Indonesia’s Monetary Policy Dilemma-Constraints of Inflation Targeting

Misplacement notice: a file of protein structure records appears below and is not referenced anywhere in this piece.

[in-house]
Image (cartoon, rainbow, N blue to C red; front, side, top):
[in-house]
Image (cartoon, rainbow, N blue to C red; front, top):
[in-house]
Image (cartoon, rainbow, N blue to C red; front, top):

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This research was motivated by current constraints on macroeconomic policy-making in Indonesia. On the fiscal side, the government is burdened with debt and the pressure to maintain social expenditure. On the monetary side, there is a preoccupation with a lower inflation rate which conflicts with the need to maintain liquidity in a repressed economy. By examining the inflation-growth relationship, this study examines whether there is any room for inflating the economy. This would ease the pressure on government debt repayment while maintaining social expenditure, and the fragile economic recovery would not be stalled by prematurely tightening monetary policy. The study finds a two-way relationship between inflation and growth; but there is some evidence of long-run neutrality of money. This implies that inflation is unlikely to affect economic growth adversely in the long-run. Based on a simple model that explicitly takes into account inflation-growth trade off, it is found that there is room for a higher inflation rate than what is currently targeted. Thus, this study favours a more expansionary macroeconomic policy mix.